With seven of its Boeing 737-200s due to be retired, the Irish airline has decided that they will not be replaced

Irish low-cost carrier Ryanair is to cut capacity growth this year by not replacing seven aircraft damaged in maintenance, as competition in the sector hits the airline's profits.

Ryanair chief executive Michael O'Leary says Irish maintenance provider FLS Aerospace has agreed to pay around $10 million in compensation to the carrier for the retirement 18 months early of seven Boeing 737-200s, which allegedly sustained potentially damaging scribe marks on their fuselages during paint stripping (Flight International, 10-17 February). O'Leary says the aircraft will not be replaced, taking the carrier's capacity growth from 20% forecast to 16% this year. Traffic growth will also slow to 20% over the next 12 months. The airline is receiving deliveries of new Boeing 737-800s as part of an 80-firm, 80-option order placed in 2001, with 27 aircraft entering service this year.

"In the current competitive situation, it is quite good to have slightly fewer aircraft," says O'Leary. The airline is phasing out 13 remaining -200s, which will leave service by December next year, he adds.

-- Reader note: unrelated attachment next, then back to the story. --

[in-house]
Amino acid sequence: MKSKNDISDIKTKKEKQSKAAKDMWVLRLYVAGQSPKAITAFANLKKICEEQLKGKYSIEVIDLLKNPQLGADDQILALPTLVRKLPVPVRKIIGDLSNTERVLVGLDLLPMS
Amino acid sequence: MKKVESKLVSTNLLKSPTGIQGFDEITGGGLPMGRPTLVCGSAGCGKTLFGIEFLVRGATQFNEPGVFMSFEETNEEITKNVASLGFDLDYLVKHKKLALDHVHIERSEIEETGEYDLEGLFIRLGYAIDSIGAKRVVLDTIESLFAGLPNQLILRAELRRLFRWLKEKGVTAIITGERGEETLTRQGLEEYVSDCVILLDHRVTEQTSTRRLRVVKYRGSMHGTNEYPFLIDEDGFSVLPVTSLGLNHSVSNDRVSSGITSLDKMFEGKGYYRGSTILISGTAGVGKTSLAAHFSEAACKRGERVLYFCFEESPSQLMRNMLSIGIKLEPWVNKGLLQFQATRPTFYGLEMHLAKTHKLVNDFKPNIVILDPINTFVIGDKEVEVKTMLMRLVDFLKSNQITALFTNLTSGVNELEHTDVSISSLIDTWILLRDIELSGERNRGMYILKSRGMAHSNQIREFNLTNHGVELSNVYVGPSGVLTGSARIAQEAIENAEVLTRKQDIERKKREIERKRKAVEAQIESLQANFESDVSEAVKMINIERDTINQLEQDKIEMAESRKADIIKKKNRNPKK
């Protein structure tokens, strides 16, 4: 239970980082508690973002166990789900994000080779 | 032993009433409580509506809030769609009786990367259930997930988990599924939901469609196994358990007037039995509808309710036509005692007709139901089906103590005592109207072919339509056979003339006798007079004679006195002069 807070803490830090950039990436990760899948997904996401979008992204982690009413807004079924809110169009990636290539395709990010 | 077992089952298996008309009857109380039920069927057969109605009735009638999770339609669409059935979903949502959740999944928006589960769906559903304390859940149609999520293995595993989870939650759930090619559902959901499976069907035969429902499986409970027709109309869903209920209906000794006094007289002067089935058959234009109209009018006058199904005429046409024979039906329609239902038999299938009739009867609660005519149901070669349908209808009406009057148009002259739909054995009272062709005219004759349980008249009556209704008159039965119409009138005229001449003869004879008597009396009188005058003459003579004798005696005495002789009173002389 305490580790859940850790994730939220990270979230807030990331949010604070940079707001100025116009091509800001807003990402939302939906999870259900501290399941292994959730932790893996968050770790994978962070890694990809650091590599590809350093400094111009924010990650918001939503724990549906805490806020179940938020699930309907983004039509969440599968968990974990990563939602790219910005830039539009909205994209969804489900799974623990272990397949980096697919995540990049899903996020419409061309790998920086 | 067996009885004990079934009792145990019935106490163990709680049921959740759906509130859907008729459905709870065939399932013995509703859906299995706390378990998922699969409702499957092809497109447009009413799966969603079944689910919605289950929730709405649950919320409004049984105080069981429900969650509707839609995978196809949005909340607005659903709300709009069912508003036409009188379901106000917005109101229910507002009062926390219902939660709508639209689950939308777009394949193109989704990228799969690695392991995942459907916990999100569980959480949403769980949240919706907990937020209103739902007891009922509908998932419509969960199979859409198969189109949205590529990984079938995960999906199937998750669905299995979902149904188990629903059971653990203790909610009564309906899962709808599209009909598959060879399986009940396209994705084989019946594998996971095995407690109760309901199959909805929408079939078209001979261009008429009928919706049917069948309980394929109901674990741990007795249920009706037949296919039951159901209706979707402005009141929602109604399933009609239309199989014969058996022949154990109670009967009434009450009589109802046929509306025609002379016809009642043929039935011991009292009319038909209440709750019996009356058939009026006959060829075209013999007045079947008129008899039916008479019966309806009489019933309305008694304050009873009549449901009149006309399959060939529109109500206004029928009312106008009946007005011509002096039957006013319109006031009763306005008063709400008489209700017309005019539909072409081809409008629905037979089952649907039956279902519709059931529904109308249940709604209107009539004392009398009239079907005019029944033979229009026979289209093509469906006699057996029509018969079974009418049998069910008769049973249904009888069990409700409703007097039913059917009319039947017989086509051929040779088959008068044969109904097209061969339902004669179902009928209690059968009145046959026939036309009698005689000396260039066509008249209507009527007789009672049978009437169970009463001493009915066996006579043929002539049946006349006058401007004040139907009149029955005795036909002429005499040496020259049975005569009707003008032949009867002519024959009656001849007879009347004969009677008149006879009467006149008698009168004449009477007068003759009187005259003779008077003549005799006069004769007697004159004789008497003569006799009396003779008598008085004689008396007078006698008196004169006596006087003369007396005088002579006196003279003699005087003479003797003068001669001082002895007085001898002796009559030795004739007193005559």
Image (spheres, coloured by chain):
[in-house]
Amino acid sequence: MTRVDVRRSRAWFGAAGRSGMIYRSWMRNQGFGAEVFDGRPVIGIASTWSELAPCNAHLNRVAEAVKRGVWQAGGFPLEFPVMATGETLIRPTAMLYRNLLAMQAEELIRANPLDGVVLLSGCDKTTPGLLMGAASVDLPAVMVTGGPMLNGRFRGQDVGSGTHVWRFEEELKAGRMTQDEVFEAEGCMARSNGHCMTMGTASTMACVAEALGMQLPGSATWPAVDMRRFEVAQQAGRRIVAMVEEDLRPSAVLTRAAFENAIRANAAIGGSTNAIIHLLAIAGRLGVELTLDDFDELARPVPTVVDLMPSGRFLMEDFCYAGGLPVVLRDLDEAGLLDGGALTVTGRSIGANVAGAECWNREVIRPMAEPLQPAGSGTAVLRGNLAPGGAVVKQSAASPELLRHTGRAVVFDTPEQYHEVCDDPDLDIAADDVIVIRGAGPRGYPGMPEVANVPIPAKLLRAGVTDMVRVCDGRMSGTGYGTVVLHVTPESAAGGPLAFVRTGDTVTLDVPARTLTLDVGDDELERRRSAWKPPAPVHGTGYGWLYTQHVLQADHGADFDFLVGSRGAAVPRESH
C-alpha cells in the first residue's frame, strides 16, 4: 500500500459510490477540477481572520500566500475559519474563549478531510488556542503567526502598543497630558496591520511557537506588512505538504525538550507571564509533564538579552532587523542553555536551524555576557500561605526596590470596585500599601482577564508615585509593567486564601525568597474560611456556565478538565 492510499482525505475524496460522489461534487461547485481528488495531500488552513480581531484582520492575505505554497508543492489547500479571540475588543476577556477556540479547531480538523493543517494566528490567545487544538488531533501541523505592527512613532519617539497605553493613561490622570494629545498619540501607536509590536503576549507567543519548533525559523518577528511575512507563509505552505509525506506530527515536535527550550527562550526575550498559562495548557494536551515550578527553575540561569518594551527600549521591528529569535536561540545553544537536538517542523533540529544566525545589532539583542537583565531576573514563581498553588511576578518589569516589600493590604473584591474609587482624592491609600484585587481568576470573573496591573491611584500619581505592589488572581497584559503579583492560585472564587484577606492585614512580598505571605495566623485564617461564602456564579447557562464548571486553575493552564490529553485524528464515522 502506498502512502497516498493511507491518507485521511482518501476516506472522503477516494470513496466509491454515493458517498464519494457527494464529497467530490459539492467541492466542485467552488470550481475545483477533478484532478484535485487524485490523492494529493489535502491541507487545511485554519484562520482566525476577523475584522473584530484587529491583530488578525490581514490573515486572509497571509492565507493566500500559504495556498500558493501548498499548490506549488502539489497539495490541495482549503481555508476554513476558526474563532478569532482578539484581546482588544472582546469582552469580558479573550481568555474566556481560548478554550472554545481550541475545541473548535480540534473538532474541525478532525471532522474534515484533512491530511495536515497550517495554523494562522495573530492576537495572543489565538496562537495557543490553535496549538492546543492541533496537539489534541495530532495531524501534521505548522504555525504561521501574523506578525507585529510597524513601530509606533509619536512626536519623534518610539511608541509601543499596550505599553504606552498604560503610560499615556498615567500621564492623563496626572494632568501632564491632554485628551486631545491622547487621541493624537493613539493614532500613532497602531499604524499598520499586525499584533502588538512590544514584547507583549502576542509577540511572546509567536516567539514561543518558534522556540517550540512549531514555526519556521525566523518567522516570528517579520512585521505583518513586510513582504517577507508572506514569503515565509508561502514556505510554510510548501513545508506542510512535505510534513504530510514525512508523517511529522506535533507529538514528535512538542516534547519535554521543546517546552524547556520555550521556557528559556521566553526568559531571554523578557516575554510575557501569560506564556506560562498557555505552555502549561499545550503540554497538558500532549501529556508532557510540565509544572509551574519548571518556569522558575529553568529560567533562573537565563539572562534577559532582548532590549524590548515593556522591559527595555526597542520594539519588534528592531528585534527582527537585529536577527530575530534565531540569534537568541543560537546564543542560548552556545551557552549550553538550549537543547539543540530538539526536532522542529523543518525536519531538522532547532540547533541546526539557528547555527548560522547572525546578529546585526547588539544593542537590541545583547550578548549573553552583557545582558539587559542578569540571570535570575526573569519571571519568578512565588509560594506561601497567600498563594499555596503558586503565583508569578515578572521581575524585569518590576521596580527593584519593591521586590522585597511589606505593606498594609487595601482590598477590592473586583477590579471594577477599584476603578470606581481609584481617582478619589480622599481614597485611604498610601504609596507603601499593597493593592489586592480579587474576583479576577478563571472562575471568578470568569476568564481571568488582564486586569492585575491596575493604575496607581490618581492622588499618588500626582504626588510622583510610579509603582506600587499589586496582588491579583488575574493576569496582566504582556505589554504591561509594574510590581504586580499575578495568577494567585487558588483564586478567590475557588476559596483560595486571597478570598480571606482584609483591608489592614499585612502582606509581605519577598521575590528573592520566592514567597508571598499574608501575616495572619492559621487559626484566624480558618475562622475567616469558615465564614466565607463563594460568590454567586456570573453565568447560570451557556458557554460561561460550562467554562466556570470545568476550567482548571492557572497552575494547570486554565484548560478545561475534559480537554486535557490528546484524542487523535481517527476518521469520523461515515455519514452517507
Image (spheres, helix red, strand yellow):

Capacity growth could return to forecast levels, however, if International Lease Finance lowers its lease rates for six 737-300s operated by Ryanair's UK subsidiary Buzz Stansted, he adds. Failure to halve the rates, negotiated by previous Buzz owner KLM UK, would result in closure of the unit, says O'Leary.

Ryanair suffered its first fall in profits last year, to €227 million ($272 million) for the year to March compared with €239 million for the same period last year. O'Leary says the decline is attributable to the euro/sterling exchange rate and a tougher market. "The level of competition we are facing from many new entrants is higher than we had thought, and the massive rise in overall capacity has led to a reduction in fare levels across the industry," he says.

O'Leary adds the next 12 months will be "a bloodbath" as several loss-making European low-cost carriers will cease operations. Joachim Hunold, chief executive of Europe's third largest no-frills carrier Air Berlin, says Ryanair's profit decline shows that "increasing passenger numbers by using every technique possible does not lead to profits".

O'Leary says the forthcoming crisis in the no-frills sector vindicates Ryanair's decision to opt for a fleet of all-189 seat 737-800s, rather than a mixed fleet. "Higher seat density reduces the unit cost and lowers our break-even load factor, and thus increases our profit margin."



Source: Flight International